3. Run the install.command script (Right Click > Open > Then click Open in the GateKeeper popup).
    That should look like this:
    image »
    image »
  4. Follow the on-screen instructions. Close the window when it's done.
  5. Safely eject your Kobo, watch it process & reboot .

Linux:
  1. Check the previous message, and download the ZIP package that you're interested in.
  2. Download the Linux install script archive, and unzip it in the same folder.
  3. Run the install.sh script with your favorite terminal emulator.
    Here's how it looks like on KDE:
    image »
  4. Follow the on-screen instructions. Close the window when it's done.
  5. Safely eject your Kobo, watch it process & reboot .

And that's it! For reference, here's how the script's output could look like:
image »
RunWith_PS1.png RunWith_macOS_1_of_3.png RunWith_macOS_2_of_3.png RunWith_macOS_3_of_3.png RunWith_KDE.png OCP_Example.png RunCmd_macOS.png RunCmd_macOS_GateKeeper.png 
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#3  NiLuJe 01-09-2019, 05:19 PM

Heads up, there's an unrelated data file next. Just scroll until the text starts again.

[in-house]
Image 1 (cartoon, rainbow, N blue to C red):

I'm almost ashamed to admit that dipping my toes in PowerShell for the first time was *almost* fun! *shudders* .

Anyway, KOReader 2019.01 is out, KFMon 1.2.11 is out, this is now ready to go, enjoy .

Ah, and to expand a bit on the "Windows 10" requirement: it's actually PowerShell 5+, which *can* find its way to older Windows versions, but *may* require manual intervention to do so (I honestly have no idea, Windows Update is hell). You can always try: the script will safely abort if PowerShell is too old.

EDIT: Reworded macOS/Linux instructions because of exec bit trickery. -_-".
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#4  TheCheshireMan 01-10-2019, 02:18 PM
Thank you so much for this! Just tested the Windows script for Plato+KOReader on a Clara HD running the latest stock firmware (4.12.12111 with no mods or add-ons at all), it worked like a charm!
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#5  Frenzie 01-10-2019, 02:56 PM
PowerShell looks more elegant than I thought.
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#6  sherman 01-10-2019, 03:19 PM
Ah Powershell. All of the obtuseness of *nix shell scripts, without the brevity.